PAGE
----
Review Day: Muse in Concert
Before flitting off to Puerto Rico on our $230 direct flights out of Dulles last week, we went to the Muse concert at the Patriot Center with Ben (of Ben and Anna). Here are my thoughts on that concert.
Because we were unsure about what it would take to get a good standing spot in General Admission, we lined up in the cold around 5:30 for the 8:00 concert (others had arrived at 9 AM). This put us about halfway back in the line, and we ended up getting good spots about 6 rows back from the front for the cost of frozen toes and three hours of being bored. Since Muse spent most of their concert on giant pedestals in the sky, being in the very front would have been overkill (and horrible on the neck). Sixth row was a good spot for my first concert, but in the future, I'd probably go for a nice seat and show up five minutes before 8. It was also nice to see almost everyone in the crowd (even those with seats) standing, dancing, and participating throughout the concert.
The Silversun Pickups opened and played loud music with a wash of identical timbres and no dynamic shape. If you were to record their music and look at the waveform, it would resemble a tapeworm. I tried to get into them but the lead singer's voice really irritated the snot out of me -- he consistently sounded like a slightly put-upon Smurf in a production of RENT.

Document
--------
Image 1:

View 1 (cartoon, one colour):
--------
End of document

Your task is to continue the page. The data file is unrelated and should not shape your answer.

The theatrics of the Muse portion of the concert were ridiculously over-the-top, from laser light shows to giant crowd balloons painted like eyeballs, but it matched the bombastic nature of their music which they seem to take proud ownership of whenever anyone compares them to Queen. SSPU performed on a very tiny stage dwarfed by three giant skyscraper props. For Muse, the props became giant screens alternating between shots of the band and artistic eye candy to go with the songs, and Muse descended out of the innards of the props (much to the relief of the ticketholders who had seats behind them). In at least one song, the drums were hooked up to various window lights on the skyscrapers.
Muse played for two full hours, using a set list of 17 songs and 3 or 4 impromptu interludes. The songs were weighted towards their most recent stuff, which was expected, and their musicality was just as effortless and polished as what you hear on the albums. Two of the things I dislike about live performances (bad singing and sloppy technique) were nowhere to be found, and it's amazing to hear GOOD live falsetto. I also like how "clean" the drums sounded -- SSPU could have learned that there are more instruments available than the crash cymbal. The band closed with Unnatural Selection which is almost as good of a finisher as Knights of Cydonia, and then came back for an encore of four more songs (using Cydonia as the final finale).
Final Grade: A+, especially when the tickets were $55 and I didn't have to listen to U2Washington Post concert review
WeLoveDC concert review
Unnatural Selection on YouTube
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